Some families reinforce rigid boundaries by projecting negative feelings and criticism to the “ outsiders.” If your partner is the target- think twice about joining in. Joining in the critique of your partner implicates you and dilutes the integrity of your relationship. You might simply walk away from it. Disagree with it or make it clear, “When you criticize him/her you hurt me.” It is more difficult for a family to criticize if they fear they will jeopardize the bond with you.

Think Twice About Using Family As The Place “ To Vent” About Partners
If you lay out all the negatives of your partner as a way to feel relieved and then go home, you leave your family feeling protective of you and negative toward your partner – remember, they don’t go home with you to “ make up.”

Something to Consider
If many different family members are making note of some behavior, addiction or illness that they observe in your partner, reconsider it from your perspective. As seen in the blog ( Secrets, Lies and Relationships) we often need to deny what would be too painful to know about partners. Make your own observations and bring it up on your own – in the relationship context.

Validation vs. Criticism
Sometimes you are aware that your partner is upset by the continued conflict or criticism of his/her own family. Jumping in to fight , encouraging cutting off family ties or criticizing his/her family seldom works. In fact you may already have learned that we are all allowed to criticize our families – but no one else can. After all they belong to us!

Protection or Repeat Pattern
Protecting your partner by criticizing them for tolerating their family, or pointing out their family’s dysfunctional patterns is too often just a repeat of the criticism they have already lived with. Keep in mind that it also underscores the shame they already carry for having critical or dysfunctional parents. No one gets to pick their parents!

Inlaws or Outlaws
If the family of your partner welcomes you and makes efforts to please and connect with you while criticizing or ignoring your partner ( their own family member) – ask yourself why? If it is the family you always wanted – then it is worth seeing what happens when you respond to their critique of your partner with overt praise or support in front of them. If they persist – wonder why. How loving are they to you if they are hurting the person you love?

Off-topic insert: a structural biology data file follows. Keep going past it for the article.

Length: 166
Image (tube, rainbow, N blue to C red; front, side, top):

Mediating the Memories
Since people get locked into early roles with family members, the partner who only knows the family as an adult often can reinforce the adult status of their partner and even make sense of family patterns that have good intentions but trip old memories. As one man said “The plane just has to touch down in Texas and I turn into the insecure younger brother!” The presence of his partner reminding him of his success and pointing out that his brother’s comments were compliments was very helpful.

Couple Coping Strategies
Listening, confirming, supporting in the face of family dynamics is invaluable in giving your partner the confidence to stand up for themselves.

Double Teaming
If they can’t get one of you to criticize the other and you overtly support each other – you have scored a win. “Right, she doesn’t cook – but have you seen her play golf?” “No matter how much he travels – I know he is there for us.”

Secret Pact
Plan ahead to use a code work like “ interesting” or non-verbal cues like glances that mean “Here we go again!” “Do you believe this?” or the affirmation that comes from a hand on a shoulder, a hug, a tap on the knee to dilute the stress from family dynamics.

Don’t Lose Your Sense of Humor
When all is said and done – families can usually find something to laugh about. Yes the women may complain about the men, the men may tease the women, the grandparents may be telling a story everyone has heard. If well intentioned it can actually help everyone with the more difficult times. If you head home laughing because “ you just can’t make it up” you have taken something from family that supports your relationship and is a wonderful source of resiliency.

“ Laughter is the Shortest Distance Between Two People.” ( Victor Borge)

For Further Reading

Boscarino, J.A., Adams, R. & Figley, C., (2005) A prospective cohort study of the ffectiveness of employer-sponsored crisis interventions after a major disaster. International Journal of Emergency Mental Health, 7,9-22.

Family Systems Theory (PDF)

 


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    Last reviewed: 27 Dec 2009

APA Reference
Phillips, S. (2009). Couples, Family Bonds, and Family Binds. Psych Central. Retrieved on December 20, 2014, from http://blogs.psychcentral.com/healing-together/2009/12/couples-family-bonds-and-family-binds/

 

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Suzanne Phillips, Psy.D., ABPP & Dianne Kane, DSW are the authors of Healing Together: A Couple's Guide to Coping with Trauma and Post-Traumatic Stress. Pick up the book today!